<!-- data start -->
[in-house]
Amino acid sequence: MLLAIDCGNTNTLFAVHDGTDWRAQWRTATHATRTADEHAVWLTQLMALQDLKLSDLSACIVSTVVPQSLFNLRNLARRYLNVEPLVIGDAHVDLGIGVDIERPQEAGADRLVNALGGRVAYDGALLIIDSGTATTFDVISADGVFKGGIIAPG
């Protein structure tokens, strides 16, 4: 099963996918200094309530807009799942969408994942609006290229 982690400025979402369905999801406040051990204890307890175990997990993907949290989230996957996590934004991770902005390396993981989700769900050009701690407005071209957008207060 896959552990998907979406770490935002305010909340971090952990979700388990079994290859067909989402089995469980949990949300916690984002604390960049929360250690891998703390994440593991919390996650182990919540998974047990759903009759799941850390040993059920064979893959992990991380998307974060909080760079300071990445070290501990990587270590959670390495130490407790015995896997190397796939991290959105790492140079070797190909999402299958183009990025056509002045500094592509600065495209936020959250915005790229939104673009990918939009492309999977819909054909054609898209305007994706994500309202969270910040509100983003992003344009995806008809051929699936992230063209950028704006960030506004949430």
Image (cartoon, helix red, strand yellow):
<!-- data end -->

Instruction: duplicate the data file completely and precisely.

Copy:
[in-house]
Amino acid sequence: MLLAIDCGNTNTLFAVHDGTDWRAQWRTATHATRTADEHAVWLTQLMALQDLKLSDLSACIVSTVVPQSLFNLRNLARRYLNVEPLVIGDAHVDLGIGVDIERPQEAGADRLVNALGGRVAYDGALLIIDSGTATTFDVISADGVFKGGIIAPG
């Protein structure tokens, strides 16, 4: 099963996918200094309530807009799942969408994942609006290229 982690400025979402369905999801406040051990204890307890175990997990993907949290989230996957996590934004991770902005390396993981989700769900050009701690407005071209957008207060 896959552990998907979406770490935002305010909340971090952990979700388990079994290859067909989402089995469980949990949300916690984002604390960049929360250690891998703390994440593991919390996650182990919540998974047990759903009759799941850390040993059920064979893959992990991380998307974060909080760079300071990445070290501990990587270590959670390495130490407790015995896997190397796939991290959105790492140079070797190909999402299958183009990025056509002045500094592509600065495209936020959250915005790229939104673009990918939009492309999977819909054909054609898209305007994706994500309202969270910040509100983003992003344009995806008809051929699936992230063209950028704006960030506004949430």
Image (cartoon, helix red, strand yellow):